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Thursday, February 27, 2014

February 2014

Just a recap of the happenings from February:

On Valentines I got to celebrate with my loves.
The four of us celebrated together
With dinner at The Pizza Factory 

The kids all helped Cory celebrate and
Blow out his birthday candle.
Luke cannot get enough of spending time
With his big brother Brycen.
Baby Juniper Rose Broadbent finally made her appearance.
We are all thrilled, especially Miss Ruby.
We're not sure how I got the white version
And Jami ended up with the brown baby.

Warm, spring like conditions for February
We took advantage by going for walks
And playing at the park.

Tim and Erika went to Mexico for a week
And suddenly our spring like conditions
Weren't quite so impressive

While Tim was gone, the kids were lucky to spend time
With both sets of grandparents.
Thanks grandmas and grandpas, they loved it.

Sunday, February 23, 2014

The Sociopath Next Door

A few months ago my friend Amy and I read an excerpt from a memoir written by a self described sociopath.  The article was fascinating and we couldn't wait for the full book to come out.  We were looking for that book and stumbled onto this one.  The Sociopath Next Door isn't a memoir, it is written by a psychologist and is much more clinical than conversational.  The Amazon review:

Who is the devil you know? Is it your lying, cheating ex-husband? Your sadistic high school gym teacher? Your boss who loves to humiliate people in meetings? The colleague who stole your idea and passed it off as her own? In the pages of The Sociopath Next Door, you will realize that your ex was not just misunderstood. He’s a sociopath. And your boss, teacher, and colleague? They may be sociopaths too.

We are accustomed to think of sociopaths as violent criminals, but in The Sociopath Next Door, Harvard psychologist Martha Stout reveals that a shocking 4 percent of ordinary people—one in twenty-five—has an often undetected mental disorder, the chief symptom of which is that that person possesses no conscience. He or she has no ability whatsoever to feel shame, guilt, or remorse. One in twenty-five everyday Americans, therefore, is secretly a sociopath. They could be your colleague, your neighbor, even family. And they can do literally anything at all and feel absolutely no guilt. How do we recognize the remorseless? One of their chief characteristics is a kind of glow or charisma that makes sociopaths more charming or interesting than the other people around them. They’re more spontaneous, more intense, more complex, or even sexier than everyone else, making them tricky to identify and leaving us easily seduced. Fundamentally, sociopaths are different because they cannot love. Sociopaths learn early on to show sham emotion, but underneath they are indifferent to others’ suffering. They live to dominate and thrill to win. 

The fact is, we all almost certainly know at least one or more sociopaths already. Part of the urgency in reading The Sociopath Next Door is the moment when we suddenly recognize that someone we know—someone we worked for, or were involved with, or voted for—is a sociopath. But what do we do with that knowledge? To arm us against the sociopath, Dr. Stout teaches us to question authority, suspect flattery, and beware the pity play. Above all, she writes, when a sociopath is beckoning, do not join the game. It is the ruthless versus the rest of us, and The Sociopath Next Door will show you how to recognize and defeat the devil you know.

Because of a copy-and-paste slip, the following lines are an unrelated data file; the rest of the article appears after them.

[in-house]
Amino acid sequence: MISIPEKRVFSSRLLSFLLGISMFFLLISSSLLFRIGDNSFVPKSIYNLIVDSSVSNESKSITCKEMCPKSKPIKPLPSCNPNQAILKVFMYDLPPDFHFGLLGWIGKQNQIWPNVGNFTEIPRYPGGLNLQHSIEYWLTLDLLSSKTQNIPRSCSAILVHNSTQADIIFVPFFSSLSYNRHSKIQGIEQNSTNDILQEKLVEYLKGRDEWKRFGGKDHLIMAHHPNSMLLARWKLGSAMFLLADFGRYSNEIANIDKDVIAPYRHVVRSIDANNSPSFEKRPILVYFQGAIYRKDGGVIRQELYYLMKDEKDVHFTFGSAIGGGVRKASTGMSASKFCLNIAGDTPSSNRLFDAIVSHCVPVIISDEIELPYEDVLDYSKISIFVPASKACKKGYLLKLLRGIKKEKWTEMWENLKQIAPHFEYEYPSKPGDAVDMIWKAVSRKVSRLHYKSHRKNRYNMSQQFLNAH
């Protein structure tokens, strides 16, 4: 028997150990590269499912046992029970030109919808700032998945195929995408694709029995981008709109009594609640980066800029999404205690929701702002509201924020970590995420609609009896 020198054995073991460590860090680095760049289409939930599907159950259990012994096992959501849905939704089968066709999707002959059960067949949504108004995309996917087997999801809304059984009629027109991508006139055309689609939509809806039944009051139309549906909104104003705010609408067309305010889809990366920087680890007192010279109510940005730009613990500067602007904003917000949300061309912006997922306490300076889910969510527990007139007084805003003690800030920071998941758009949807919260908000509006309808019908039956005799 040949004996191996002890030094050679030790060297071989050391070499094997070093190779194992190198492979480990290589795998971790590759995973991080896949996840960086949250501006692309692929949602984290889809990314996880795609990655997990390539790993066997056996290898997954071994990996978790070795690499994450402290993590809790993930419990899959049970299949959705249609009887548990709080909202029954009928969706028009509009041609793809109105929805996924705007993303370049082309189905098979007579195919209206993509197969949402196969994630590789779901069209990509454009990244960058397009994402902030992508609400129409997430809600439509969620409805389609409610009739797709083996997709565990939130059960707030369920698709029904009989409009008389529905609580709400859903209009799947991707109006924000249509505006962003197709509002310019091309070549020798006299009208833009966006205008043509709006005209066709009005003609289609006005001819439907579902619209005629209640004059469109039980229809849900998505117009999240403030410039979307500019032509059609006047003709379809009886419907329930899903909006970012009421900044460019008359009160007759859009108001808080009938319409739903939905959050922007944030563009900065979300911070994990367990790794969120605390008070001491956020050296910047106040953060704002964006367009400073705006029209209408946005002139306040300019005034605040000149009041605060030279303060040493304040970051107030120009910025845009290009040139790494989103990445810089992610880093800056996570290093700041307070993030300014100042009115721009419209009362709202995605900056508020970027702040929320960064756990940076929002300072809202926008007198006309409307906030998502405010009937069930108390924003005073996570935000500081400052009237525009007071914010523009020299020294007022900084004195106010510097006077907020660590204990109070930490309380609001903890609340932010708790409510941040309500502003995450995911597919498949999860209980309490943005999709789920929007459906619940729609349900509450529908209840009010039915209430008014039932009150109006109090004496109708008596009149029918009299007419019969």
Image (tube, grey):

The book was a little dry, written more like a text book but the material was fascinating.  The author's statistic of 4% of all people being a sociopath seemed a little high, but as she described individuals and situations, I could definitely see how they applied to people with whom I have associated.  She points out several times how hard it is for "normal" people to understand the idea of having no conscience.  This struck me because it is so foreign, she writes  "Most of us feel mildly guilty if we eat the last piece of cake, let along what we would feel if we intentionally set about to hurt another person.  Those who have no conscience at all are a group unto themselves, whether they be homicidal tyrants or merely ruthless social snipers."  She goes on to say that for the sociopath "controlling others - winning - is more compelling than anything or anyone else".

The condition of being a sociopath is described as having an emotional disability which makes sense in the context of the diagnosis.  While sociopaths would view being bound to a conscience as a negative, this  book clearly points out the opposite.  "One way or another, a life without conscience is a failed life.  those of us who love and have conscience are really very lucky, even as we go about our everyday lives of work, reflexive give and take, and ordinary pleasures."

It took me a little longer to get through this book than normal, there were no fluff parts to skim through, but I thought it was well worth the time spent on the read.  B+

Saturday, February 22, 2014

Me Before You

They had nothing in common until love gave them everything to lose . . . Louisa Clark is an ordinary girl living an exceedingly ordinary life—steady boyfriend, close family—who has barely been farther afield than their tiny village. She takes a badly needed job working for ex–Master of the Universe Will Traynor, who is wheelchair bound after an accident. Will has always lived a huge life—big deals, extreme sports, worldwide travel—and now he’s pretty sure he cannot live the way he is.
Will is acerbic, moody, bossy—but Lou refuses to treat him with kid gloves, and soon his happiness means more to her than she expected. When she learns that Will has shocking plans of his own, she sets out to show him that life is still worth living.